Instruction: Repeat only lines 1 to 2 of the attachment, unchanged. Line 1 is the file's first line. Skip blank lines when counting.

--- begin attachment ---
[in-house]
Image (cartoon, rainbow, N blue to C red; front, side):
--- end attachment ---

[in-house]
Image (cartoon, rainbow, N blue to C red; front, side):